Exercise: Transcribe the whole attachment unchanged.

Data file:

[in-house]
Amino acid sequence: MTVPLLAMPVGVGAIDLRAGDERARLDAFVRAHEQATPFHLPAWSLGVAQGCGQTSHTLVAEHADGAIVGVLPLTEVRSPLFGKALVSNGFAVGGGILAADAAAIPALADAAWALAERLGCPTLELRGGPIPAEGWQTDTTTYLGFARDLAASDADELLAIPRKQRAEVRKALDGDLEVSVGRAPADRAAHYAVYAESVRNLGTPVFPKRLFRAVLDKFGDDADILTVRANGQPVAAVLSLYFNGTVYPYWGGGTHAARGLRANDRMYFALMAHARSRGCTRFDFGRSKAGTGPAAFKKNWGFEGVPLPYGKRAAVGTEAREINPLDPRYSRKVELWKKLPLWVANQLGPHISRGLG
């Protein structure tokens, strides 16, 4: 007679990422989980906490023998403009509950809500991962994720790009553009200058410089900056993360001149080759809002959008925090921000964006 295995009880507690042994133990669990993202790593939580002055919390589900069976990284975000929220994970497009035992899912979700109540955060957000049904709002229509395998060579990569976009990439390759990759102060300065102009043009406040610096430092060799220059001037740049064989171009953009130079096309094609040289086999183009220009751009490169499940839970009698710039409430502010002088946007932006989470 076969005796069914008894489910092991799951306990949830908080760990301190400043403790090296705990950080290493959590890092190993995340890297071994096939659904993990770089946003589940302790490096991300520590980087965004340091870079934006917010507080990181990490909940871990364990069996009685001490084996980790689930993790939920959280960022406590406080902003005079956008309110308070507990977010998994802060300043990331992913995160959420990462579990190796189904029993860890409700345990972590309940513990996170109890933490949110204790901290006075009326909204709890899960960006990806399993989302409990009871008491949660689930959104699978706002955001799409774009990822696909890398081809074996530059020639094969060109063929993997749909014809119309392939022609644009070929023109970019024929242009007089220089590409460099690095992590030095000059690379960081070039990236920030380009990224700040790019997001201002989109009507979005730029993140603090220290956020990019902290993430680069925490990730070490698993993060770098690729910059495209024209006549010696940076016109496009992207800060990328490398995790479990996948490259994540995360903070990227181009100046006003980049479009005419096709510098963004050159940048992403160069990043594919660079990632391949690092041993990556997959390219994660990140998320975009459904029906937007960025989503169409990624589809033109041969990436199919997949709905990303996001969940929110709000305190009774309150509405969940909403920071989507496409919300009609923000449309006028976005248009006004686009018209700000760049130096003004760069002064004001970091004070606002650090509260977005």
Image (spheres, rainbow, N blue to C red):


[in-house]
Amino acid sequence: MTVPLLAMPVGVGAIDLRAGDERARLDAFVRAHEQATPFHLPAWSLGVAQGCGQTSHTLVAEHADGAIVGVLPLTEVRSPLFGKALVSNGFAVGGGILAADAAAIPALADAAWALAERLGCPTLELRGGPIPAEGWQTDTTTYLGFARDLAASDADELLAIPRKQRAEVRKALDGDLEVSVGRAPADRAAHYAVYAESVRNLGTPVFPKRLFRAVLDKFGDDADILTVRANGQPVAAVLSLYFNGTVYPYWGGGTHAARGLRANDRMYFALMAHARSRGCTRFDFGRSKAGTGPAAFKKNWGFEGVPLPYGKRAAVGTEAREINPLDPRYSRKVELWKKLPLWVANQLGPHISRGLG
């Protein structure tokens, strides 16, 4: 007679990422989980906490023998403009509950809500991962994720790009553009200058410089900056993360001149080759809002959008925090921000964006 295995009880507690042994133990669990993202790593939580002055919390589900069976990284975000929220994970497009035992899912979700109540955060957000049904709002229509395998060579990569976009990439390759990759102060300065102009043009406040610096430092060799220059001037740049064989171009953009130079096309094609040289086999183009220009751009490169499940839970009698710039409430502010002088946007932006989470 076969005796069914008894489910092991799951306990949830908080760990301190400043403790090296705990950080290493959590890092190993995340890297071994096939659904993990770089946003589940302790490096991300520590980087965004340091870079934006917010507080990181990490909940871990364990069996009685001490084996980790689930993790939920959280960022406590406080902003005079956008309110308070507990977010998994802060300043990331992913995160959420990462579990190796189904029993860890409700345990972590309940513990996170109890933490949110204790901290006075009326909204709890899960960006990806399993989302409990009871008491949660689930959104699978706002955001799409774009990822696909890398081809074996530059020639094969060109063929993997749909014809119309392939022609644009070929023109970019024929242009007089220089590409460099690095992590030095000059690379960081070039990236920030380009990224700040790019997001201002989109009507979005730029993140603090220290956020990019902290993430680069925490990730070490698993993060770098690729910059495209024209006549010696940076016109496009992207800060990328490398995790479990996948490259994540995360903070990227181009100046006003980049479009005419096709510098963004050159940048992403160069990043594919660079990632391949690092041993990556997959390219994660990140998320975009459904029906937007960025989503169409990624589809033109041969990436199919997949709905990303996001969940929110709000305190009774309150509405969940909403920071989507496409919300009609923000449309006028976005248009006004686009018209700000760049130096003004760069002064004001970091004070606002650090509260977005």
Image (spheres, rainbow, N blue to C red):